Some of the places we would have liked to try out
And now onto the Colin Fassnidge Show
I don't think I need to present Colin Fassnidge to my Australian readers, but maybe I need to do it for my international readers (yes, all of you over in America, Asia and Europe...).
Dublin born Colin Fassnidge has been Head Chef of The Four in Hand Dining Room since October of 2005. Since starting at The Four in Hand, Colin’s unique style has seen the Four in Hand hold one Chefs Hat for four years and adding the prestigious second hat in 2010.
He has since opened a second restaurant in trendy Surry Hills 4Fourteen with Carla Jones.
Learning very early that he had a passion for cooking, Colin moved to England where he did his apprenticeship at Le Manoir aux Quat'Saisons under Raymond Blanc in Oxford. Blanc, a self taught Chef instilled in his staff a sense of seasonality and also tasting at every stage, a trait Colin uses in his kitchen today.
With a passion for travelling Colin arrived in Australia in 1999 working at some of Sydney’s most acclaimed Restaurants, including Liam Tomlin’s celebrated institution that was Banc.
Colin’s Nose to Tail philosophy and his diligence for sourcing the best local ingredients has seen him turn the most undesirable off cuts into beautiful, delicious dishes. He is also now a -sometimes controversial - judge on My Kitchen Rules, together with French Chef Manu Feidel and Aussie paleo diet ambassador extraordinaire Peter Evans, " bringing sexy back to TV on My Kitchen Rules". He seems to have a great female following as well, and is a great bloke.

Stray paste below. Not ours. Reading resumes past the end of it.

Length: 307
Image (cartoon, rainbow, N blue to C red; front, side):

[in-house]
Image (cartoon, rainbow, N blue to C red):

Kate Gibbs is a Sydney-based journalist, food writer and author. She has written two cookbooks and her first non-fiction book will be released in 2015. She has written for The Sydney Morning Herald, The Wall Street Journal, Sunday Style magazine, Sunday Life in The Sun Herald, Australian Gourmet Traveller, Broadsheet Sydney, The London Evening Standard, frankie magazine and Cosmopolitan magazine among others. She also happens to be Margaret Fulton's granddaughter, not a mince feast, as Margaret is a a Scottish-born Australian food and cooking 'guru', writer, journalist, author, and commentator. She was the first of this genre of writers in Australia.
Her early recipes encouraged Australian housewives (!) to alter the Australian staple of "meat and three vegetables" and to be creative with food. She 'discovered' food from exotic places such as Spain, Italy, India and China and as Cookery Editor, 'brought these into Australian homes through her articles in the Woman's Day magazine'. Fulton realised that chefs who did television shows tended to lose their audience. Accordingly, she remained a writer who regularly appeared only as a 'guest' on various TV shows. Her early recipes encouraged Australian housewives to alter the Australian staple of "meat and three vegetables" and to be creative with food. She 'discovered' food from exotic places such as Spain, Italy, India and China and as Cookery Editor, 'brought these into Australian homes through her articles in the Woman's Day magazine'.
A bit of video action - Not for the faint hearted...
Born in France, well travelled, relocated to Sydney in 1997.